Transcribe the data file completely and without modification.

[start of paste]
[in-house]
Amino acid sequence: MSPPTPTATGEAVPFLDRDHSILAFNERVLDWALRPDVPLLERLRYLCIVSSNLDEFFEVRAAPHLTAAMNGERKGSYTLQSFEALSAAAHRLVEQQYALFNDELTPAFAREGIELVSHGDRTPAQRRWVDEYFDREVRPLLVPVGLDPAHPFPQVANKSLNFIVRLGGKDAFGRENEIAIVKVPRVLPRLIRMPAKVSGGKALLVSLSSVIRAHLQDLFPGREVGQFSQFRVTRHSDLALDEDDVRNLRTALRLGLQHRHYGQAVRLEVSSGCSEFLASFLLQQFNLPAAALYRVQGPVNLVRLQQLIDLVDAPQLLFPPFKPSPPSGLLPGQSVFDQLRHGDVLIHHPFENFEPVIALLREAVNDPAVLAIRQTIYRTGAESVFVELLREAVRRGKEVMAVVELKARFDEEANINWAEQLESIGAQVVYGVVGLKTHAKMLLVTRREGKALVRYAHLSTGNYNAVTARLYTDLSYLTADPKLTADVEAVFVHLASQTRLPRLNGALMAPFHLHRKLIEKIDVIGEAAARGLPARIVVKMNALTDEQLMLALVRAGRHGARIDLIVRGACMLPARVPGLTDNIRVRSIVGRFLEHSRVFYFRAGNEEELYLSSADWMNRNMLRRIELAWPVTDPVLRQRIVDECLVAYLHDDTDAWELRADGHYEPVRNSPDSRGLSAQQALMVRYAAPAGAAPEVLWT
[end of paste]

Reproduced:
[in-house]
Amino acid sequence: MSPPTPTATGEAVPFLDRDHSILAFNERVLDWALRPDVPLLERLRYLCIVSSNLDEFFEVRAAPHLTAAMNGERKGSYTLQSFEALSAAAHRLVEQQYALFNDELTPAFAREGIELVSHGDRTPAQRRWVDEYFDREVRPLLVPVGLDPAHPFPQVANKSLNFIVRLGGKDAFGRENEIAIVKVPRVLPRLIRMPAKVSGGKALLVSLSSVIRAHLQDLFPGREVGQFSQFRVTRHSDLALDEDDVRNLRTALRLGLQHRHYGQAVRLEVSSGCSEFLASFLLQQFNLPAAALYRVQGPVNLVRLQQLIDLVDAPQLLFPPFKPSPPSGLLPGQSVFDQLRHGDVLIHHPFENFEPVIALLREAVNDPAVLAIRQTIYRTGAESVFVELLREAVRRGKEVMAVVELKARFDEEANINWAEQLESIGAQVVYGVVGLKTHAKMLLVTRREGKALVRYAHLSTGNYNAVTARLYTDLSYLTADPKLTADVEAVFVHLASQTRLPRLNGALMAPFHLHRKLIEKIDVIGEAAARGLPARIVVKMNALTDEQLMLALVRAGRHGARIDLIVRGACMLPARVPGLTDNIRVRSIVGRFLEHSRVFYFRAGNEEELYLSSADWMNRNMLRRIELAWPVTDPVLRQRIVDECLVAYLHDDTDAWELRADGHYEPVRNSPDSRGLSAQQALMVRYAAPAGAAPEVLWT